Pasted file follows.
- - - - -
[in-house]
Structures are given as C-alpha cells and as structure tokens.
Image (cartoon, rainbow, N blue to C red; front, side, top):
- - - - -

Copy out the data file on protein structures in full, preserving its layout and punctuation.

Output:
[in-house]
Structures are given as C-alpha cells and as structure tokens.
Image (cartoon, rainbow, N blue to C red; front, side, top):